For anyone that’s ever listened to a podcast, you’ll know that nonfiction is a great genre to get between your ears. For everyone else, trust us: nonfiction is the best genre to try when starting out with audiobooks.
What makes this genre so great? Like a documentary series, nonfiction audiobooks are easily broken up into manageable chunks to listen to. Plus, if you’re worried that nonfiction is too dry, the addition of an audiobook narrator can really help. From history to memoir and even instructions for the Danish concept of cosiness, the AudioFile list of Best Nonfiction and Culture Audiobooks for 2017 takes in many of the greatest audiobooks of this year. Don’t forget to visit our home page.
Caesar’s Last Breath by Sam Kean, read by Ben Sullivan:
It’s invisible. It’s ever-present. Without it, you would die in minutes. And it has an epic story to tell. In Caesar’s Last Breath, New York Times bestselling author Sam Kean takes us on a journey through the periodic table, around the globe, and across time to tell the story of the air we breathe, which, it turns out, is also the story of earth and our existence on it.
Whether it’s the twisted story of laughing gas, with its permutations as a hallucinogen and an anesthetic, or the horrible use of chlorine gas in WWI, there’s always a human angle linked to gases. Even listeners who get nothing from the mathematics of molecules will be fascinated by the history recounted and the people who lived it.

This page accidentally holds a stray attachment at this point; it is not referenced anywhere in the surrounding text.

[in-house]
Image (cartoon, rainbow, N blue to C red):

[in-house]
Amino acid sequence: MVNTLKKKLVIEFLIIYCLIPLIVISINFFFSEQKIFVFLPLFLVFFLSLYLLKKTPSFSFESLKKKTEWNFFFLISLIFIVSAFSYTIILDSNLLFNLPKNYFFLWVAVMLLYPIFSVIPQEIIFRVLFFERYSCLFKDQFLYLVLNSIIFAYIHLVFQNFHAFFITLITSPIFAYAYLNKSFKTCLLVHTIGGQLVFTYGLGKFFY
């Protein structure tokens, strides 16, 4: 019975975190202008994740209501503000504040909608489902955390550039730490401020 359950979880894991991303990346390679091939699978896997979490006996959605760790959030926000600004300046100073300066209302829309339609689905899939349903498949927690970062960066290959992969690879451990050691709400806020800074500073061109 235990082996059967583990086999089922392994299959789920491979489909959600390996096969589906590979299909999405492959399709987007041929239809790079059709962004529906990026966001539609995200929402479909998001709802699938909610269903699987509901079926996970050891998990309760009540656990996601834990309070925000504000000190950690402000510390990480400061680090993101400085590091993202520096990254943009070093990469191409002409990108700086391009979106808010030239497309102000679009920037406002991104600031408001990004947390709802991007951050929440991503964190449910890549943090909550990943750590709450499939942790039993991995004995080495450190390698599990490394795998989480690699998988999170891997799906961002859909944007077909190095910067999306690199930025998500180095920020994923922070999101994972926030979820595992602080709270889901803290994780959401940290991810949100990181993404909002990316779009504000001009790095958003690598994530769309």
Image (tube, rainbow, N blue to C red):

Listening Books members can download and stream this audiobook here.
Draft No. 4 by John McPhee, read by the author:
Draft No. 4 is an elucidation of the writer’s craft by a master practitioner. McPhee offers a definitive guide to the crucial decisions regarding structure, diction, and tone that shape nonfiction pieces and presents extracts from some of his best-loved work, subjecting them to wry scrutiny. The result is a vivid depiction of the writing process, from reporting to drafting to revising – and revising, and revising.
Celebrated author John McPhee narrates this long-awaited audiobook of essays on writing nonfiction with his characteristic precise language and keen observations reflected in his delivery. He can sound by turns like a grandfather doling out advice or a scold impugning fashion and fancy in the world of nonfiction.
Finish by Jon Acuff, read by the author:
According to studies, 92 percent of New Year’s resolutions fail. You’ve practically got a better shot at getting into Juilliard to become a ballerina than you do at finishing your goals. If you’re tired of being a chronic starter and want to become a consistent finisher, you have two options: You can continue to beat yourself up and try harder, since this time that will work. Or you can give yourself the gift of done.
In his lively and encouraging narration, Acuff now explains why finishing is even harder than starting and describes how to overcome the obstacles to accomplishing one’s goals. Acuff’s arguments about the perils of perfectionism and other commentary on why we don’t finish what we start are credible.